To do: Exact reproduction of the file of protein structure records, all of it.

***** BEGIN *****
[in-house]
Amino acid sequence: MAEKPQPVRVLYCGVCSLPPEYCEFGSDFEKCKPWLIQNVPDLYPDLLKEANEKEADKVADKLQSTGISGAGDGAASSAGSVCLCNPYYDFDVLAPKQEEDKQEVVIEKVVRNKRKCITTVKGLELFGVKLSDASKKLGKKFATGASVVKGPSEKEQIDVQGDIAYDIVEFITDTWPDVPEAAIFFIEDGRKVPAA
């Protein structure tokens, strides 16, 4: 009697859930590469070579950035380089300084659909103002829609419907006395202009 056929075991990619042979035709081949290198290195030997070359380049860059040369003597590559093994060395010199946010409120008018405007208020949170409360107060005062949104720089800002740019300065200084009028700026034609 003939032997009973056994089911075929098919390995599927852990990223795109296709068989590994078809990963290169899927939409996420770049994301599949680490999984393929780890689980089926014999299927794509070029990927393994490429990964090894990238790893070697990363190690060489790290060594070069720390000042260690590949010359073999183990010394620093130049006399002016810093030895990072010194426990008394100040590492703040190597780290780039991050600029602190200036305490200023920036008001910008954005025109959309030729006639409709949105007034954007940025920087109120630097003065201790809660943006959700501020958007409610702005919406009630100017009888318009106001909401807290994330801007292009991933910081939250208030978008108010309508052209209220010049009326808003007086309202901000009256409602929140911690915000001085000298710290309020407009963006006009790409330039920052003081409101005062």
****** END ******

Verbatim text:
[in-house]
Amino acid sequence: MAEKPQPVRVLYCGVCSLPPEYCEFGSDFEKCKPWLIQNVPDLYPDLLKEANEKEADKVADKLQSTGISGAGDGAASSAGSVCLCNPYYDFDVLAPKQEEDKQEVVIEKVVRNKRKCITTVKGLELFGVKLSDASKKLGKKFATGASVVKGPSEKEQIDVQGDIAYDIVEFITDTWPDVPEAAIFFIEDGRKVPAA
């Protein structure tokens, strides 16, 4: 009697859930590469070579950035380089300084659909103002829609419907006395202009 056929075991990619042979035709081949290198290195030997070359380049860059040369003597590559093994060395010199946010409120008018405007208020949170409360107060005062949104720089800002740019300065200084009028700026034609 003939032997009973056994089911075929098919390995599927852990990223795109296709068989590994078809990963290169899927939409996420770049994301599949680490999984393929780890689980089926014999299927794509070029990927393994490429990964090894990238790893070697990363190690060489790290060594070069720390000042260690590949010359073999183990010394620093130049006399002016810093030895990072010194426990008394100040590492703040190597780290780039991050600029602190200036305490200023920036008001910008954005025109959309030729006639409709949105007034954007940025920087109120630097003065201790809660943006959700501020958007409610702005919406009630100017009888318009106001909401807290994330801007292009991933910081939250208030978008108010309508052209209220010049009326808003007086309202901000009256409602929140911690915000001085000298710290309020407009963006006009790409330039920052003081409101005062």